Unlisted Infrastructure is a subset of the broad category of Alternative assets which in recent decades has elicited a more prominent focus in more sophisticated portfolios. Historically, investment in this sub-asset class was limited to large institutional funds.
After the Global Financial Crisis, alternatives like infrastructure became more attractive to a broader range of investors who were seeking less volatile investments especially in the face of falling interest rates and bond yields.
Hence a supplementary solution was needed to provide an additional return beyond safe, low yielding investments (e.g. Government Bonds) without a high degree of capital fluctuation. This is where Unlisted Infrastructure fits in.
They come in many shapes and sizes
Infrastructure assets tend to be critical to the functioning of a healthy economy, are characterised by high barriers to entry, operate in near monopolistic conditions and benefit from long duration concessions and leases (i.e. 25 to 99 years). Conceptually, this asset class merges the characteristics of both Property and Private Equity while the advent of Renewable and Social Infrastructure, has bridged the gap between financial and Impact / ESG* styled investing. (*Environmental, Social and Corporate Governance)
One defining characteristic from property is that there is an operational component to their valuation and revenue streams that makes them less of a ‘set and forget’ investment.
Unlisted infrastructure assets can fall into a variety of categories such as:
Ports, Airports, Roads, Bridges, Tunnels, Toll Roads, Railways
Energy Distribution Networks, Storage, Power Generation, Water
- Communication Assets
Cable Networks, Data Towers, Satellites.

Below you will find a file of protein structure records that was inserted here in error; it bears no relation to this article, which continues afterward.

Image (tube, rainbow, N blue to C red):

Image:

- Renewable & Alternative Energy
Windfarms, Geothermal, Hydrogen, Natural Gas
- Social Infrastructure
Schools, Healthcare Facilities, Stadiums
How it fits into a modern day portfolio
With such unique characteristics, there are several reasons why an investor may consider Unlisted Infrastructure as part of their diversified portfolio which would be attractive to both the growth and conservative investor alike.
For more growth focused investors, the sub-asset class historically offers a return profile between 8.0 %- 10.0% p.a. with only moderate correlation. In addition, while the returns have historically not matched those of listed equity markets, the asset class reduces the reliance on share investments to achieve positive real return outcomes without introducing more risk.
For more conservative investors who are seeking to reduce volatility within their portfolio, Unlisted Infrastructure has historically been 60% less volatile than listed equity markets investments and has provided a more compelling return profile compared with Australian & International Fixed Interest.
These benefits, although great, do come with a trade-off which is that the investor must give up some liquidity due to the unlisted nature of the asset class. Many strategies require lockup periods of 3 – 5 years with some much longer. They also often come with rigid redemption periods if an investor requires access to their funds prior to a fund liquidity event.
It is also important to observe that the low volatility of the asset class is in part due to the underlying assets being revalued on a monthly or even a quarterly cycle. Hence, asset performance can suffer a performance lag compared with listed investments which benefit from daily repricing.
Finally, the underlying assets aren’t often bought or sold meaning comparable sales data can be hard to locate leading to potentially opaque valuations.
How to implement within a portfolio
Gaining access to Unlisted Infrastructure has historically been difficult for the majority of investors because these types of investments have historically been the domain of only the largest pension funds, insurance companies and banks. It wasn’t uncommon for many unlisted opportunities to require a minimum allocation of $10m or more putting the asset class out of the reach for the general public.
However, the landscape has changed as fund managers respond to investor demand, in particular, Wholesale Investors who can access investment with as little as $50,000 parcels. While these smaller parcel sizes can result in additional fees, the superior diversification and performance can largely offset higher running costs.
In summary, Unlisted Infrastructure is a versatile asset class with enticing characteristics that should be considered for many wholesale investors. As the landscape continues to develop, especially with more focus on Social Infrastructure and Renewable Energy assets, there is more interest than ever from a broadening investor base looking to add more diversification within their portfolios.